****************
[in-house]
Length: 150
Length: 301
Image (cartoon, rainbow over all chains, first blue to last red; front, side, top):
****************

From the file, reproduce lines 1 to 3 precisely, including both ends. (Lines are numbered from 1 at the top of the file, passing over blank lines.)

[in-house]
Length: 150
Length: 301